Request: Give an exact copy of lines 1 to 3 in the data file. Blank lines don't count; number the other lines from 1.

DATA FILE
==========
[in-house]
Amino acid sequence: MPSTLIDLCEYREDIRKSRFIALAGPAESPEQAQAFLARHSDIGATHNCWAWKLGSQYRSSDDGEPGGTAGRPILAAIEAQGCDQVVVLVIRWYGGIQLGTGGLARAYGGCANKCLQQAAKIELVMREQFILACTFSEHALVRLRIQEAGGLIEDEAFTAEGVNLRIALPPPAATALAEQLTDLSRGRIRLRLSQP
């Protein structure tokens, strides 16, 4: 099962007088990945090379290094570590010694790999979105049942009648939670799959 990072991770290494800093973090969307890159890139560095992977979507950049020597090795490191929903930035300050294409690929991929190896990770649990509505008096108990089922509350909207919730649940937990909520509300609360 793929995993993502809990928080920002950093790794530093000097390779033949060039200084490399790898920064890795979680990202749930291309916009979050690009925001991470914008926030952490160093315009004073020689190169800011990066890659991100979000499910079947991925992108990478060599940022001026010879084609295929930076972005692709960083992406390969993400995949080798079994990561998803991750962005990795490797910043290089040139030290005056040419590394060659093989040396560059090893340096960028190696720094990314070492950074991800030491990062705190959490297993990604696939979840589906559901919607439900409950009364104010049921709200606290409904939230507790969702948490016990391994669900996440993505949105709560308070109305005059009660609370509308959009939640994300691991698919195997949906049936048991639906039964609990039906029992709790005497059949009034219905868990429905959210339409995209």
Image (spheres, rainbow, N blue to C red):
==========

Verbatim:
[in-house]
Amino acid sequence: MPSTLIDLCEYREDIRKSRFIALAGPAESPEQAQAFLARHSDIGATHNCWAWKLGSQYRSSDDGEPGGTAGRPILAAIEAQGCDQVVVLVIRWYGGIQLGTGGLARAYGGCANKCLQQAAKIELVMREQFILACTFSEHALVRLRIQEAGGLIEDEAFTAEGVNLRIALPPPAATALAEQLTDLSRGRIRLRLSQP
């Protein structure tokens, strides 16, 4: 099962007088990945090379290094570590010694790999979105049942009648939670799959 990072991770290494800093973090969307890159890139560095992977979507950049020597090795490191929903930035300050294409690929991929190896990770649990509505008096108990089922509350909207919730649940937990909520509300609360 793929995993993502809990928080920002950093790794530093000097390779033949060039200084490399790898920064890795979680990202749930291309916009979050690009925001991470914008926030952490160093315009004073020689190169800011990066890659991100979000499910079947991925992108990478060599940022001026010879084609295929930076972005692709960083992406390969993400995949080798079994990561998803991750962005990795490797910043290089040139030290005056040419590394060659093989040396560059090893340096960028190696720094990314070492950074991800030491990062705190959490297993990604696939979840589906559901919607439900409950009364104010049921709200606290409904939230507790969702948490016990391994669900996440993505949105709560308070109305005059009660609370509308959009939640994300691991698919195997949906049936048991639906039964609990039906029992709790005497059949009034219905868990429905959210339409995209």